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Native Fairy Tales of South Africa by  Ethel L. McPherson

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THE MOON-CHILD

[73] IN ages past there lived a mighty Chief, Bulane, distinguished from all other men by a sign on his breast—the full round moon. His father and his fathers of long ago had all borne the same sign, but none of the children of Bulane were moon-children. Some were marked, it is true, by a crescent or a star, but on none was the full moon, the sign of his race, and this grieved Bulane.

The Chief had two wives. The elder, whom he loved dearly, was mother of many children, but the younger had none. For this reason the head-wife scoffed at her, and said many unkind things. The younger woman accepted her gibes in silent patience, but when at last a child was given to her, she rejoiced exceedingly. It was a son, and on his breast was a full moon, the mark of royal lineage.

[74] This filled the head-wife with rage and jealousy, and while the young mother was fast asleep, she took the new-born babe from her arms, and threw it beneath the pots at the back of the hut, thinking it would be smothered. She then placed a dog in the sleeping mother's arms, and going to the Chief, she told him that the child was a monster and had been born dead. Though deeply grieved, Bulane bade her tend the young wife kindly, and she returned to the hut.

To her dismay, she found the moon-child had not been killed as she intended, but had crawled from underneath the pots and was playing with a mouse on the ground. Knowing the woman's evil heart, the clever little animal at once dragged the child into its hole, where he remained, hidden away.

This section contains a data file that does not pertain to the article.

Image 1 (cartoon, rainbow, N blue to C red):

The head-wife, frightened out of her senses for fear that what she had done might be discovered, hastened back to Bulane, complaining of pain, and saying she was certain she could not recover until the hut in which the monster had been born was burnt [75] to the ground. Bulane, who loved her, ordered that this should be done, not knowing of her wickedness.

The mouse, however, had overheard the conversation, and as the young mother was taken out before the hut was set alight, he carried the child away to the cattle kraal. Meanwhile, the hut blazed and crackled until nothing of it remained, and the wicked heart of the head-wife was at rest.

But one day when she went to the cattle kraal, she saw the moon-child sitting under a cow, and knew that she had been cheated of her revenge. Again she feigned illness, telling Bulane she could never be eased of her pain unless the cattle kraal was burned down. Much troubled at her continued sickness, Bulane ordered that this should be done also; but again the mouse had overheard. This time he took the child to the camp of some traders, and left him to their care.

He was a sweet-tempered little fellow, and soon became the darling of these men, who loved him for his pretty ways. Months passed, and presently one [76] of Bulane's people came to make purchases from the traders. Seeing in their midst a little child whose small round face was strangely like that of the great Chief, he took him, wondering, in his arms, and found that he bore upon his breast the sign of the royal race.

Then he knew him to be indeed the son of Bulane.

When the Chief heard what his man had seen, he at once set out for the traders' camp. Seeing that the child was in truth his son, he carried him back with him to the kraal, and laid him in his mother's arms.

Then Bulane ordered many oxen to be slaughtered, and much beer to be brewed. A great feast was prepared to celebrate the return of the moon-child, whom he named as his heir, and the young mother's heart rejoiced. As for the wicked head-wife, she was driven away, and sent back to her father's people.


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